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Cladh Hallan Round Houses

Ancient Village / Settlement / Misc. Earthwork

<b>Cladh Hallan Round Houses</b>Posted by greywetherImage © greywether
Nearest Town:Uig (78km NE)
OS Ref (GB):   NF7322 / Sheet: 31
Latitude:57° 10' 18.98" N
Longitude:   7° 24' 42.21" W

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Prehistoric mummy puzzle

From Planet Earth Online:

Mummified bodies made of chopped up people? It's not a legend from ancient Egypt but a find from the Outer Hebrides... continues...
baza Posted by baza
22nd January 2013ce
Edited 22nd January 2013ce

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<b>Cladh Hallan Round Houses</b>Posted by 1speed <b>Cladh Hallan Round Houses</b>Posted by 1speed <b>Cladh Hallan Round Houses</b>Posted by 1speed <b>Cladh Hallan Round Houses</b>Posted by 1speed <b>Cladh Hallan Round Houses</b>Posted by tiompan <b>Cladh Hallan Round Houses</b>Posted by greywether <b>Cladh Hallan Round Houses</b>Posted by greywether <b>Cladh Hallan Round Houses</b>Posted by greywether


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Visited 16 August 2012ce while cycle-touring in the Outer Hebrides.

Just to pick up on greywether's comment about signposting, there is now a proper brown "tourist" sign on the B888 road in Dalabrog / Daliburgh to direct interested parties to the roundhouses, though as seems to be the norm on the islands this gives no indication of distance! After following a minor road / track almost to the modern-day burial ground of Cladh Hallan, a further footpath-style sign points the way to the roundhouses which lie a few minutes walk along a sandy track.

As for the roundhouses themselves, the southernmost has almost completely disappeared back into the dunes, but the central and northern houses are still visible as is the "smokery" just to the NE of the latter. Three interpretation boards have at some stage been set up on the rise overlooking the site from the N, but these have become detached from their supports (presumably blown off by the wind!) and now lie rather sadly, albeit neatly, on the ground.
1speed Posted by 1speed
20th August 2012ce

This site has been the subject of an hour-long TV programme which centred on the presentation of evidence for mummification of the burials in the roundhouses. This is summarised in Miscellaneous below.


A recurring theme of the Uist postings is the way in which important sites are badly signposted (if at all) and poorly presented.

Perhaps you could argue that this leads to lower visitor numbers which helps with preservation and this site certainly needs all the help it can get.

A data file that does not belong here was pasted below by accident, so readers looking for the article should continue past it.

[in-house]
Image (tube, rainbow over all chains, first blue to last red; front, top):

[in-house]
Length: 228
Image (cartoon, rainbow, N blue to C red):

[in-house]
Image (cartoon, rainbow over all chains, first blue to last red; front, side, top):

Excavated out of a sand dune the sides of which are currently restrained by decaying plastic matting, it can only be a short time before windblown sand once again recovers the site - one which has produced a tantalising glimpse of life in late bronze age Britain.

This is not at all a criticism of the excavators who have done an excellent job in partly restoring the site when backfilling it might have been an easier option. Presumably there was just no local money available to make the job a more permanent one.

Strange. You would have thought that mummification is one of the few things that gets the general public interested in prehistory.

Visited 28 July 2004
greywether Posted by greywether
9th August 2004ce
Edited 15th September 2004ce


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This is a brief summary of the points made in the Cladh Hallan tv programme. I'm sure it does not do justice to all the interesting points the excavator, Mike Parker Pearson, was making.


The roundhouses date from about 1000bce.

In the NE quadrant of all three of the houses, burials had been interred. Sheep and dogs were in the upper levels but human burials were at the lowest level.

The human burials were articulated but crouched with the knees drawn tightly up under the chin. Radio carbon dating showed that, in two cases, the individuals had died up to 600 years before interment in the houses.

A number of scientific tests led to the view that these individuals had been preserved in a mummified state prior to their burial. Careful use of the acid in peat was a factor in the mummification process. The mummification was more likely to have been of the South American "in the open" type rather that in tombs like Egyptian mummies.

It was thought that these ancestors were preserved so that they could be brought out for important ceremonies or perhaps consulted in some way.

The bodies were eventually buried as part of a change in belief systems possibly introduced by newcomers to the area.
greywether Posted by greywether
9th August 2004ce


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Cracking the puzzle of the Cladh Hallan Bodies

This is a YouTube video of Kerri Brown explaining about recent DNA sampling of the Cladh Hallan burial.
Kammer Posted by Kammer
23rd September 2011ce

University of Sheffield

This set of pages about the 'Prehistoric Village at Cladh Hallan' include a lot of detail about the site and a photograph of one of the Cladh Hallan 'mummies' (on page III).
Kammer Posted by Kammer
5th July 2006ce
Edited 5th July 2006ce